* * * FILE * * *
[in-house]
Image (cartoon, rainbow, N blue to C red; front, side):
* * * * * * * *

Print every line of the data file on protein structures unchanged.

[in-house]
Image (cartoon, rainbow, N blue to C red; front, side):